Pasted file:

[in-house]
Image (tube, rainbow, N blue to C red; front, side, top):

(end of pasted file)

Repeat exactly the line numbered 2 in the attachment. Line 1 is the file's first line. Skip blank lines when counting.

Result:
Image (tube, rainbow, N blue to C red; front, side, top):